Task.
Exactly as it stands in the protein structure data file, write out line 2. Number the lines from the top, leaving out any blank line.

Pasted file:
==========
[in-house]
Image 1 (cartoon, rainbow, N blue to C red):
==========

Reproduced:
Image 1 (cartoon, rainbow, N blue to C red):